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Ceuta

Ceuta is a Spanish exclave in North Africa, surrounded by Morocco, on the Mediterranean coast near the Straits of Gibraltar. Area approximately [[1 E7 m^2|18]] km2.

Ceuta over the centuries was subject successively to Carthaginian, Roman, Visigothic and Arab domination, until it was captured by the Portuguese on August 14, 1415.

After the death in battle of the Portuguese king Sebastian I in 1578, the Portuguese throne passed to the King of Spain, and thereafter Portugal and all its possessions became part of Spain, including Ceuta. In 1640 Portugal regained its independence from Spain. However, Ceuta remained under Spanish control, and has been part of Spain ever since.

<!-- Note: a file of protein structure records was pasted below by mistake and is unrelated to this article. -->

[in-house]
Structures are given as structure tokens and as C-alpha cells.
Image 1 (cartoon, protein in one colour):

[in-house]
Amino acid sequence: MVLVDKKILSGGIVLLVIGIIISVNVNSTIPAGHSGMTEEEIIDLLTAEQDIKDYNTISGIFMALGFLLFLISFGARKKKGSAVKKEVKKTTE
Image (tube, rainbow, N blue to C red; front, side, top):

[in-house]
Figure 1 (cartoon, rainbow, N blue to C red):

Ceuta is known officially in Spanish as Ciudad Autónoma de Ceuta, the Autonomous City of Ceuta, having a rank between a standard Spanish city and an autonomous community.

Before the Statute of Autonomy, Ceuta was administratively part of the Cádiz province. It does not form part of the customs territory of the European Union. The city is a free port. As of 1994 its population was 71,926.

The Moroccan government claims integration of Ceuta into Morocco.

ISO 3166-1 reserves EA for Ceuta and Melilla

History of Ceuta

See also: Melilla, Isla Perejil

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